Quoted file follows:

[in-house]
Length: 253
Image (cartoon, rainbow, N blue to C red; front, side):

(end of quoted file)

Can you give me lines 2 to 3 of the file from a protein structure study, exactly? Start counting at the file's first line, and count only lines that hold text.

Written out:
Length: 253
Image (cartoon, rainbow, N blue to C red; front, side):